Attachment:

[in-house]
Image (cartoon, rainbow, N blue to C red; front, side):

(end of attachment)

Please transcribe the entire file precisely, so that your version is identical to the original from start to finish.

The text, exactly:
[in-house]
Image (cartoon, rainbow, N blue to C red; front, side):